Recent reports from the centre show that 377 survivors of SGBV and Child Sexual Abuse have received various forms of assistance. The centre has continued to function notwithstanding the end of the RoLAC grant to SOAR in April 2021. A total of 15 SGBV cases were handled in July 2022 alone.
“I felt there was no hope for the future. I was helpless and broken. But after the therapy sessions with SOAR, I have been healed. Today, I oversee my life and understand that my mum loves me a lot.”
Teen survivor and beneficiary of the CTSC
New investigators trained on financial intelligence
The Nigeria Financial Intelligence Unit (NFIU), in collaboration with RoLAC, delivered a two-week intermediate course on financial intelligence investigations and anti-money laundering. Over 74 recently recruited officers benefitted from the training, which was conducted from 18-29 July 2022.
The training focused on improving the knowledge and skills of officers in monitoring the flow of funds in conventional and sometimes unconventional financial systems. The aim was to identify suspicious activities of organised crime agents executed in ways to evade authorities. This covert approach has been widely reported as the mainstay of small and large terrorist operations, drugs and human traffickers, and corrupt government/public officials for many years. Due to the increased scrutiny by law enforcement agencies, new and sophisticated approaches have necessitated various levels of capacity building. This also includes refresher courses to keep gatekeepers like the NFIU abreast with new trends.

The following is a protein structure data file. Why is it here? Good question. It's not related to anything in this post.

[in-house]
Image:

The training was interactive with modules on establishing an intelligence cycle; thinking critically and analytically; setting and identifying indicators of financial fraud; differentiating between informal and electronic value/funds transfer systems; analysing bank and business records; and producing strategic assessments for action. The NFIU Director and CEO, Modibbo Hamman Tukur, represented by the Head of Human Resources, Fatima Bukar. She noted that the trainings are of huge significance to the work of the NFIU.